In this first of our two-part episode, we discuss the Indonesian Constitutional Court’s (Mahkamah Konstitusi, or MK) recent decision to hear arguments for a “judicial review” of the country’s Criminal Code (Kitab Undang-Undang Hukum Pidana, or KUHP) in order to add new laws that will criminalize pre-marital sex (as adultery) and LGBT relationships. The review was brought forth by several Islamic pro-family groups, the most prominent of which is AILA Indonesia, or Aliansi Cinta Keluarga (Family Love Alliance).
We invite Pramudya Oktavinanda, a corporate lawyer in Indonesia and a friend of Dialogika, to talk about the powers of the Constitutional Court — in particular, this new power they’ve given themselves to make what’s called a “conditionally constitutional” decision on certain rulings. We also talk about how the court is entering the dangerous territory of becoming a “positive” legislator, as opposed to its traditional “negative” legislator position, thereby entering the territory of legislating bodies such as the House of Representatives (DPR) and the President — even though the court has no power to actually write laws. Finally, we discuss why the court is hearing arguments based on vague claims of constitutional rights violations — does this mean we should take every single petty complaint we have to our fellow citizens to the Constitutional Court? What will that mean for Indonesian democracy?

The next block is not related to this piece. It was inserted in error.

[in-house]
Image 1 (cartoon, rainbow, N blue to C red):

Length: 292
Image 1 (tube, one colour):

Tune into our next episode in two weeks’ time to catch the second part, where we continue our conversation with Pram, discussing not only Indonesian democracy but also Islamic law and its relationship to our country’s legal landscape.
Thanks for listening!